Brake Repair Tips

Brake repair is never as easy as you think it should be. No matter whether you do the work yourself or have it done by a mechanic. There are a few things you should know about the process beforehand. First and foremost, spend the money for quality parts and make sure the job is done right. When you're only concerned with getting to where you need to be, the last thing you should have to worry about is stopping when you get there.


Are generic brake pads as good as name brand brake pads?

Maybe, sometimes, but why risk it? When the brake pad manufacturer puts their name on the box, they are standing behind their product. Naturally, it is fairly safe to assume it is a good, quality product. If you buy generic brake pads in a plain "unmarked" usually yellow or white box, there is just no way to be sure. There is nobody to be held accountable if they don't hold up. You only have to change the brake pads every 40,000 miles or so when you use good quality pads. Is it really worth taking a chance on something so important to save what amounts to around $10 a year?


Are ceramic brake pads better than semi-metallic brake pads?

Not necessarily. They generally don't last any longer or work better. In fact, when you often drive in stop-and-go traffic or use your vehicle to do heavy hauling, the semi-metallic pads are preferable. They do a better job of stopping your vehicle and last a little longer than ceramic pads. If you have nice aluminum wheels on your car, though, and aren't hard on your brakes, you might prefer the ceramic pads. They don't give off metal brake dust and tend to be quieter.


Are generic rotors as good as premium rotors?

No, they usually aren't. There is a reason they are cheaper. Generic rotors are usually thinner, commonly weighing about 20% less than premium rotors. If you hold a premium rotor and a generic rotor side by side, you will be able to see the difference. Keep in mind that your brakes get incredibly hot. An inferior rotor can't stand up to the heat. Before long, they will warp and wear out. When you have to shell out the money to replace your rotors, it is well worth it to spend the extra money for premium rotors that will take the heat.

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Why do my brakes make a loud popping noise when I brake at slow speeds?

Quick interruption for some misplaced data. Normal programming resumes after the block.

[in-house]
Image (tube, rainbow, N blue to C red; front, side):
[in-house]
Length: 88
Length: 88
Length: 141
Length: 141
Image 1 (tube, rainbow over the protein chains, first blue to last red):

That noise happens when your calipers dry out after you park your car and they cool. The noise is your caliper popping loose when you apply the brakes. Preventing this is very easy. Wire brush or sand off any built-up brake dust or dirt from the calipers before you reassemble them when you change your brake pads. After sanding or brushing, apply a little hi-temperature caliper grease to the moving parts then reassemble the brakes.


Why are my brakes making a clicking noise when I stop?

If you had your rotors turned or machined, instead of replaced, and they are making a clicking sound when you apply the brakes, they weren't done properly. When you look closely at them, they probably have tiny grooves in them like an old vinyl record. You might also have a little shimmy in the steering as you come to a stop. Take the car back to the shop that turned the rotors and have them fix the problem.


Why would my brakes make a squealing sound after I just changed the pads?

The squeal is caused when brake dust is embedded in the brake pads. The brake dust accumulates on the rotors over time. If it isn't cleaned off prior to putting the new pads on, it will get worked into them when you apply the brakes. Clean the rotors thoroughly before you install the new brake pads. The only way to get the dust off is good old dish soap and a sturdy sponge. Scrub and rinse the rotors then wipe them off with a clean rag and some lacquer thinner. The lacquer thinner will remove any residue and dry quickly.


Do I have to replace the brake calipers?

If the piston on the brake caliper no longer retracts or there is fluid leaking from the caliper, it needs to be replaced. If it is basically in good shape, but the sliding pins are binding up, the caliper can be reused. All you need to do is replace the slide pins. Be sure to lubricate the pins with high-temperature grease before you install them.

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